Where is the Data Storage Innovation? - Page 2
I do not think that REST solves all of the world’s data storage problems. And I have ranted enough over the years about the lack of innovation and improvement that have happened to the POSIX standard. But POSIX interfaces for applications still solve problems that REST cannot.
For example, say you have a large dataset that you need to process. With REST you cannot start operating on it until the whole file had been transferred, while with POSIX you can start reading the file within your application.
REST and POSIX interfaces for storage solve two different problems. You do not want to fix your toilet with a hammer nor pound nails with a pipe wrench, and up until REST came on the scene there was only one tool in the toolbox. Now we have two but do we need more?
I think the answer is likely yes, and a good example might be data analysis applications, which are going to need ways of ingesting data in real-time to allow decisions to be made in near real-time. Neither REST nor POSIX do this well, but is anyone working on this?
EMC helped start the world down the object path with the Centera product, but the open source world caught up to EMC. And it is very difficult to have a closed system software with just APIs compete with an open source software.
Though it looks like the FAA is going to delay UAVs flying in the USA until after 2015, that does not mean that the amount of video collected per day is not in the petabytes. And this will likely drive either a new interface or modification to an existing interface to better support the capture of that type of data.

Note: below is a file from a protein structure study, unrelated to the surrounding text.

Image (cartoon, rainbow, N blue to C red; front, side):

I seriously doubt that POSIX will be modified so this leaves change to REST interface to better support video. Which brings me to my point: the newer vendors are seemingly ready and able to use open source technology, while the old guard is slower to catch on with using these technologies.
Maybe it’s because the new vendors do not have the development staff and cannot have a Not Invented Here (NIH) attitude, or maybe it is because they are closer to the market and can see the innovation coming. Either way the new guard has always been more innovative than the old guard. Very few of the new guard grow up and become the old guard. NetApp might be one of the few examples over the last decade or so.
Data Storage and Change
The old guard is not without tricks up its collective sleeves. In particular, buyouts. If you go back to the 1990s during the dotcom boom lots of the new guard companies got brought out and a number of them did not. Those companies that did not are most often not with us today. Many have gone bankrupt.
Historically, the old guard does not innovate, with few exceptions. But when the old guard does innovate it often falls short, given market perception. And NIH concerns about being locked into a single vendor solution surface, no matter how good that solution is.
The storage landscape is being pushed to change from two directions. The last few years we have heard about how flash is changing everything, and flash will replace spinning disk. This clearly will not be happening, yet there is a need for a high IOPS tier that is faster than 15K RPM 2.5 inch drives. What happens to software and hardware from the new guard now that Seagate has developed and is marketing an enterprise drive with flash right in the drive?
This Seagate technology enables the old guard to solve problems that they could not solve before, without making changes. The new guard sometimes does not have many of the enterprise features that make something really enterprise. Things like detailed SMART management and proactive error management T10 PI/DIF, replication, snapshots and other similar features.
Intel, with the move to putting the communications on the CPU, and Seagate with putting flash on the drive and building REST interface drives, both seem to be changing what the storage future might be. And seem to be trying to pressure the traditional players into adopting their new worldview.
In the 1990s, the old guard simply just purchased what they wanted and needed to be successful with Fibre channel, new file systems, and interfaces. The old guard is doing the same today. Yet the differences are significant and striking. They’re something that may or may not result in the same outcomes this time as the market dynamics are changing. Note to self: potential big changes ahead.
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